Long tale sales help an underdog survive alone
Lone Survivor is one of the most unexpectedly effective games I've ever played. It makes survival horror work in 2D. It feels like a tribute to Silent Hill and a deeply personal expression of developer Jasper Byrne's perspective on isolation and psychotic depression at the same time. It's equal parts adorable and disturbing. In short, it's the kind of game that you may not have much of a frame of reference for. There just isn't anything else like it.
That had me worried that it might not sell too well when on PS3 or Vita. The massive install base and multiple other factors found with the PC market often help games that defy convention find their audience, while console games are usually more in need of marketing and hype to make it big. Going against the most hyped game in the history of the industry would be a scary proposition for anyone. That's exactly what happened with Lone Survivor on PSN.
According to Rob Clarke at Curve Studios, "Lone Survivor was a really crazy one for us. We'd already released two games on PlayStation Network so we had a good idea of what sort of kind of sales we might get. Then we basically had to release the game a week or so after GTA V."
It wasn't 100% clear to Clarke, Byrne, and the team at Curve how badly GTA V would effect Lone Survivor's sales. "We'd had a few conversations about how that might affect sales," Clarke said. "But because you can't share PSN sales data in the same way you can share Steam data, there's just not a lot out there about how triple-A releases affect indies."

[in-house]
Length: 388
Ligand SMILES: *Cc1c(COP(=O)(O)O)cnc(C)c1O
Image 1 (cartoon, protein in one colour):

"We launched, and our sales for Lone Survivor were initially lower than we'd hoped," Clarke continued. "I think ultimately when you're this little indie game, even a well-known indie title with great reviews, going up against GTA V, there's going to be a bit of fallout there. If nothing else, a lot of people aren't going to want a new game a week after spending £40 on game that could last them 100 hours or more."
Thankfully, that wasn't the end of the story for Lone Survivor on PSN. According to Clarke, "...Lone Survivor is now one of our best-selling games. It's had really great sales since that launch hurdle, and it always does incredibly well in sales and promotions run by Sony. It's really all about being included in the store and knowing when and who to talk to at Sony to make sure the game isn't being lost in the huge scary PS3 store back-catalog lists forever."
Sony's Shahid Kamal Ahmid recently named Curve one of his "favorite PlayStation success stories", further cementing the idea that Curve and Sony are a good fit for each other. While they're doing a lot to branch out to the Wii U this year as well, I think that it's a safe bet we'll be seeing Curve games on PlayStation consoles for years to come.